If this man had a social media account, his description may not be that different from the others: Introverted coffee fiend who likes music and long walks.
Perhaps he would also add this surefire conversation-starter: Used to reside in a cemetery.
But Mr Kuchot bin Awal, an elderly gentleman born in 1934, does not have an online profile or care for one. What he cares about, he told Yahoo! Singapore in a two-hour interview, is enjoying his time one day at a time.
This belief in cherishing the small things in life could be why the frail-looking man with weathered skin could live in a tent in a cemetery in Kallang and see it as home.
The 79-year-old was there for an undeterminable period -- long enough for some nearby office workers to take notice. They put him on a ‘coffee boy’ payroll, his case file states, with an unofficial salary coming out from their company's petty cash fund and their own pockets.
Mr Kuchot was first admitted to Tan Tock Seng Hospital (TTSH) in 2007. For the next two years, he had several falls and dehydration episodes that led to him going in and out of TTSH. Social workers were unsuccessful in rehoming him, as he was resistant to the idea of a home for the elderly.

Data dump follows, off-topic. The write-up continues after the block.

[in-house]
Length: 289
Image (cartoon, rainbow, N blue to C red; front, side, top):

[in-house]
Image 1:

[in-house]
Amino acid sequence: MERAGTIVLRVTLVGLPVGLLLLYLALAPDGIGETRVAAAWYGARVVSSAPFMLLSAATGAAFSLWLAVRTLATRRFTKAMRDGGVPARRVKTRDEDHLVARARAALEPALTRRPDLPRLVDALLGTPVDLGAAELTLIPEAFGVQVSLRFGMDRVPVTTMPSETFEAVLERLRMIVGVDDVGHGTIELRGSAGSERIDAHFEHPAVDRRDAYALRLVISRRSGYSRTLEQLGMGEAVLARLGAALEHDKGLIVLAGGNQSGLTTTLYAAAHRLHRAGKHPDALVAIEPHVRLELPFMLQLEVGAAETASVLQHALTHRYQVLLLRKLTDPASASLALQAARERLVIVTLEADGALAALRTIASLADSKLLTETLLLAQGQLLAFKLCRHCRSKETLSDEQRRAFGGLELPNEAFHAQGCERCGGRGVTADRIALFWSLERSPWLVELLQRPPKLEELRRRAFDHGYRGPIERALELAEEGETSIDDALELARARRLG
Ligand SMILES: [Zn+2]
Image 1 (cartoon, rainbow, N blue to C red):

Finally, in 2009, after a particularly nasty fall and the National Environment Agency and Housing Development Board stepping in to evict him, he agreed to take a look at Asian Women’s Welfare Association (AWWA) Community Home for Senior Citizens.
Jigsaw puzzle past
It took much effort to pry his back story from him, and even today, Mr Kuchot’s history remains murky.
According to records, he was staying with a friend in a rental flat for years, but was asked to leave when that friend got married. After that, he slept in hawker centres, parks and other public areas before settling down in the cemetery.
There, he was undisturbed, said Ms P. Vijayah, the case manger of the community home who reviewed his case. Passers-by closed an eye when they noticed him and his makeshift residence, as he seemed old and harmless. They sometimes gave him a dollar or two, which he would spend on food.